In about December of 2011, a radio-collared wolf moved into Northern California. It took over four years for a different wolf to reach my home. In between those dates, wolves have settled in California and at least one pair of wolves has raised a litter of wolf pups.
During 2012 through 2014, I became somewhat involved with wolves in different ways. While volunteering for the Mule Deer Foundation, I served on a committee of wolf Stakeholders. I did my best to make my opinions known to the California Department of Fish and Wildlife as they created a Wolf Management Plan. (https://www.wildlife.ca.gov/Conservation/Mammals/Gray-Wolf/Stakeholders)
While hunting in locations where wolves are common (Canada, Alaska but primarily Montana) I gradually became more familiar with wolves in the wild. During Montana hunts in 2013, 14 and 15 I heard wolves howl and eyed tracks almost daily. All the hunters in our camp possessed wolf tags in anticipation of having a shot opportunity. A few hunters in our camp had sightings of wolves, but no shots were fired.
On those Montana trips I observed mule deer, elk, moose, a big-horn ram, black bear and two grizzly bears – but no wolves. On one occasion a wolf howled very close by. My guide and I expected to see the wolf, but did not. Later we found the tracks of two wolves that had been standing about 150 yards from our position.
Wolves have become a reality in my life, but I have yet to see one alive.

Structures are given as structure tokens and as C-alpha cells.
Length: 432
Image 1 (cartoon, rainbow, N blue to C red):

At the Western Hunting and Conservation Expo in February of 2014, I attended a Friday afternoon auction where a trapping experience was auctioned. I purchased the trip with a bid of $1,500. The donor was Trent Packham of Groat Creek Outfitters. Trent lives about 60 miles north of Edmonton, Alberta.
Eventually we scheduled the trip for early January in 2015 and I purchased ticket to Edmonton for January 3rd, 2015. I began building up my wardrobe of cold-weather clothes.
I expected temperatures as low as any I’d ever before experienced, but it was still a shock to my system when Trent called the day before my departure and told me that it was minus 30 degrees Fahrenheit in Edmonton. I told him I planned to be there the next day.
Then I laid awake that night and envisioned the drive in my rental car in sub-freezing weather through sixty miles of unknown territory. I have to admit that I didn’t want to take that challenge on and in the morning I cancelled my trip.
No regrets, but a couple weeks later, Trent sent me a photo of wolves he had trapped. He said that one of them was the largest wolf he had trapped up to that time. I mulled it over and concluded that maybe I should have a trophy from the trip I did not take.
I called Trent and asked him the price of the cape of that wolf. He came up with a number – $882 USD out the door. Then I asked if he knew a taxidermist who could do a good job of mounting the wolf – life size. He said that Scott Holman was the go-too guy and gave me his contact information:
SCOTT HOLMAN TAXIDERMY
661 24TH ST.
BRANDON, MANITOBA, CANADA
204 725 4474
Now it was quite a trip from Alberta to Manitoba and then to California, but this wolf puts OR7 to shame when it comes to miles traveled. The cost of taxidermy:$2205 USD. Just in case your thinking you might want to do this, here’s the breakdown.
Scott sent me photos of various poses and this is the one I selected.
Scott built the wolf and occasionally checked in. A couple months ago the wolf was finished, but then he had to wait for a CITES permit. Cost of the trip from Manitoba to Livermore: $671.04 USD.
It took about three weeks for the crate to make it through customs in North Dakota and then on to California. The crate arrived last Friday March 19, but it will be a while before I am ready to open it. Here’s a photo of the finish product as taken by Scott Holman.
Can’t hardly wait to open my present, but it may take a while to finish creating his final resting spot.